Full Planet, Empty Plates, Chapter 3. Moving Up the Food Chain
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By Lester R. Brown
For most of the time that human beings have walked the earth, we lived as hunter-gatherers. The share of the human diet that came from hunting versus gathering varied with geographic location, hunting skills, and the season of the year. During the northern hemisphere winter, for instance, when there was little food to gather, people there depended heavily on hunting for survival. Our long history as hunter-gatherers left us with an appetite for animal protein that continues to shape diets today.
As recently as the closing half of the last century, a large part of the growth in demand for animal protein was still satisfied by the rising output of two natural systems: oceanic fisheries and rangelands. Between 1950 and 1990, the oceanic fish catch climbed from 17 million to 84 million tons, a nearly fivefold gain. During this period, the seafood catch per person more than doubled, climbing from 15 to 35 pounds.
This was the golden age of oceanic fisheries. The catch grew rapidly as fishing technologies evolved and as refrigerated processing ships began to accompany fishing fleets, enabling them to operate in distant waters. Unfortunately, the human appetite for seafood has outgrown the sustainable yield of oceanic fisheries. Today four fifths of fisheries are being fished at or beyond their sustainable capacity. As a result, many are in decline and some have collapsed.
Rangelands are also essentially natural systems. Located mostly in semiarid regions too dry to sustain agriculture, they are vast—covering roughly twice the area planted to crops. In some countries, such as Brazil and Argentina, beef cattle are almost entirely grass-fed. In others, such as the United States and those in Europe, beef is produced with a combination of grass and grain.
In every society where incomes have risen, the appetite for meat, milk, eggs, and seafood has generated an enormous growth in animal protein consumption. Today some 3 billion people are moving up the food chain. For people living at subsistence level, 60 percent or more of their calories typically come from a single starchy food staple such as rice, wheat, or corn. As incomes rise, diets are diversified with the addition of more animal protein.
World consumption of meat climbed from just under 50 million tons in 1950 to 280 million tons in 2010, more than a fivefold increase. Meanwhile, consumption per person went from 38 pounds to 88 pounds a year. The growth in consumption during this 60-year span was concentrated in the industrial and newly industrializing countries.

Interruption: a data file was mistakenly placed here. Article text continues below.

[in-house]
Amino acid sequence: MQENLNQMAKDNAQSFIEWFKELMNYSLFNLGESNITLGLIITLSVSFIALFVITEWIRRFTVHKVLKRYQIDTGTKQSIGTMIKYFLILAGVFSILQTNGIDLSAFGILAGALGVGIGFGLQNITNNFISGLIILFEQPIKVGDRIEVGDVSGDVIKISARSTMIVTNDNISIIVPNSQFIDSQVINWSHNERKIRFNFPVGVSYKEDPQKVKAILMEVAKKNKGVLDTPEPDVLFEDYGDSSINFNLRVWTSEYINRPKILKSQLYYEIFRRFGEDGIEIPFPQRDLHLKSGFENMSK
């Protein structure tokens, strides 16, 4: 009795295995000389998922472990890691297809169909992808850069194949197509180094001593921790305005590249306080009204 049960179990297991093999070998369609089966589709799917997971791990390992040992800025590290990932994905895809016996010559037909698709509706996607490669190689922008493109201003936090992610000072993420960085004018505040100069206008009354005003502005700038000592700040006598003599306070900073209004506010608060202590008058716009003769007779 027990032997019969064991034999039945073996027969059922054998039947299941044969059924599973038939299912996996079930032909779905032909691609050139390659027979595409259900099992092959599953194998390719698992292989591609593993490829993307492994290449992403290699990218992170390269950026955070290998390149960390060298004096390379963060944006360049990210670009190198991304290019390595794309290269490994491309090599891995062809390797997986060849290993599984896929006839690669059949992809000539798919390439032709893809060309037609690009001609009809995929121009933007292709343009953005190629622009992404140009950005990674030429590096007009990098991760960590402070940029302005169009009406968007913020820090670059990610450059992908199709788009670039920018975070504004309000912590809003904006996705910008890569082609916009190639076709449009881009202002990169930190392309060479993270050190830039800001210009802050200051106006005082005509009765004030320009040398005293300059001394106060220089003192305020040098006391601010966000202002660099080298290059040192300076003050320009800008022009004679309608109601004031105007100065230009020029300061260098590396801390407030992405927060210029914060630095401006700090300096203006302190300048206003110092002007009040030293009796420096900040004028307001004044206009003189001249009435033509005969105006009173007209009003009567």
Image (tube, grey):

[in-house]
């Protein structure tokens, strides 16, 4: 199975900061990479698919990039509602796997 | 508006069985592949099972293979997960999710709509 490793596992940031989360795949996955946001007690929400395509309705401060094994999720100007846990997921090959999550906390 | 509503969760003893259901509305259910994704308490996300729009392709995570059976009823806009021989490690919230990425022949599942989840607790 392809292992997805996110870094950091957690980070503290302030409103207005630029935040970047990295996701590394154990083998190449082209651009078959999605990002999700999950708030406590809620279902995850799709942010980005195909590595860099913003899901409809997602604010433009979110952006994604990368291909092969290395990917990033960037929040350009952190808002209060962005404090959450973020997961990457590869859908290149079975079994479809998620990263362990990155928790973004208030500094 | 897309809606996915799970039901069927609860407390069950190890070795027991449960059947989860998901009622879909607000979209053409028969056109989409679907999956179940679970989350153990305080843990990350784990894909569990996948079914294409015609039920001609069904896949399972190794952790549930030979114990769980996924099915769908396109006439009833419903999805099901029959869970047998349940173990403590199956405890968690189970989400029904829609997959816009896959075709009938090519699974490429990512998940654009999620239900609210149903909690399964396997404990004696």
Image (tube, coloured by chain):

The type of animal protein that people choose to eat depends heavily on geography. Countries that are land-rich with vast grasslands—including the United States, Brazil, Argentina, and Russia—depend heavily on beef or—as in Australia and Kazakhstan—mutton. Countries that are more densely populated and lack extensive grazing lands have historically relied much more on pork. Among these are Germany, Poland, and China. Island countries and those with long shorelines, such as Japan and Norway, have turned to the oceans for their animal protein.
Over time, global patterns of meat consumption have changed. In 1950, beef and pork totally dominated, leaving poultry a distant third. From 1950 until 1980, beef and pork production increased more or less apace. Beef production was pressing against the limits of grasslands, however, and more cattle were put in feedlots. Because cattle are not efficient in converting grain into meat, world beef production, which climbed from 19 million tons in 1950 to 53 million in 1990, has not expanded much since then. In contrast, chickens are highly efficient in converting grain into meat. As a result, world poultry production, which grew slowly at first, accelerated, overtaking beef in 1997.
The world’s top two meat consumers are China and the United States. The United States was the leader until 1992, when it was overtaken by China. As of 2012, twice as much meat is eaten in China as in the United States—71 million tons versus 35 million.
Although the world has had many years of experience in feeding nearly 80 million more people each year, it has much less experience with also providing for 3 billion people with rising incomes who want to move up the food chain and consume more grain intensive products. Whereas population growth generates demand for wheat and rice, humanities’ two food staples, it is rising affluence that is driving growth in the demand for corn, the world’s feedgrain. Historically, world corn and wheat production trends moved more or less together from 1950 until 2000. But then corn took off, climbing to 960 million tons in 2011 while wheat remained under 700 million tons.
It is the increase in consumption of livestock products plus the conversion of grain into fuel that have boosted the annual growth in world grain demand from the roughly 20 million tons a decade ago to over 40 million tons in recent years. As incomes continue to rise, the pressure on farmers to produce enough grain and soybeans to satisfy the growing appetite for livestock and poultry products will only intensify.
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From Full Planet, Empty Plates: The New Geopolitics of Food Scarcity by Lester R. Brown (New York: W.W. Norton & Co.) Supporting data, video, and slideshows are available for free download at www.earth-policy.org/books/fpep.